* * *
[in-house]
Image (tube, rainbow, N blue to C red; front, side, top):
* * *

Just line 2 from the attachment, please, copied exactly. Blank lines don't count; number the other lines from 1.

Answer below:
Image (tube, rainbow, N blue to C red; front, side, top):